29 March 2010

Slow pork roast

Despite the hard work by pork producers to market "the other white meat," little has been done to keep people from cooking it to death.
I started my pork shoulder roast on Tuesday night, rubbing generous amounts of salt, thyme, garlic, pepper and rosemary into the flesh.  I wrapped it tightly and put it in the back of the icebox until Saturday afternoon.   A big roast, about 7 1/2 pounds, with a bone in it.  I let it move towards room temperature for a few hours before I put it into a 400 F oven, surrounded by big chunks of russet potatoes.  A few scoops of duck fat kept everything honest and well lubricated. 
I had to remove the potatoes from the roasting pan after about an hour because they were browning quickly and the roast still had awhile to go.  I cooked the roast until its internal temperature was just under 140 F, and removed it from the oven and covered it with foil; I used the resting time to finish the potatoes in a 9x13 pan, scooping a little of the fat to refresh the potatoes.
By the time we finished our salad, the thermometer in the roast almost read 160 F.  I cut a few slices and the meat was juicier than a greasy hamburger and still had a nice pink hue to it.  I served it with applesauce and a raisin-onion chutney.  The potatoes were crisp on the outside and baked-potato fluffy on the inside.
We drank a stunning 2005 Alsace Grand Cru Mambourg Gewurztraminer and the massive floral nose nearly knocked me over.  Simply swirling the glass made the dining room vernal.  The intensity of the Gewurztraminer bouquet is unmatched, I think, by any other wine. I don't swoon very often, but every time I raised the glass I first pulled it to my nose and inhaled the memory of springtime love, wet plum blossoms splashed against dark bark, old Chinese poets remembering their youth.  And with it, a still-pink, still-juicy pork roast with pork-and-duck-fat roasted potatoes.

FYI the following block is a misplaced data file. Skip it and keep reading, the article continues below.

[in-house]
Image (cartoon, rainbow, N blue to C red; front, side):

1. Great imagery in your wine description, Patrick--the Chinese poets particularly!

    Gewurz is an underappreciated, misunderstood varietal, I think. Too many oversweet versions have helped ruin its reputation. And then, for quite a while it was being sold as "the wine to drink with Thai food!" which didn't help either. A good, dry Alsatian wine is exactly what you say, incomparably fragrant. And now its coming to me that maybe "gewurz" literally means fragrant in German...?

    Thanks for another dandy post.


  2. Thanks, Brett. Having lived in Thailand for two years, I've never cozied up to the Gewurz/Thai connection - beer is much better with the Thai food I ate! I never, and I mean never, saw wine in Thailand. There are individual Thai dishes that a glass of wine might complement, but nearly every meal I ate contained at least one incendiary dish that would ruin any wine.
    That said, Gewurztraminer is so unique I'm not sure I've found the right times to drink it. Sausage, pork - typical regional foods - but what makes it shine?

  3. Goose springs to mind. Other rich game birds? A roast grouse fragrant with thyme, and sauteed wild mushrooms? In the section of Alsatian recipes in "When French Women Cook," Madeleine Kamman pairs it with a rich chicken dish with cream and truffles, as well as an unctuous recipe for duck or goose liver.

    Gewurz means "spice," not fragrant. My mistake.


  4. So Patrick, what's your favorite Gewurtztraminer? This little wine is my current guilty pleasure.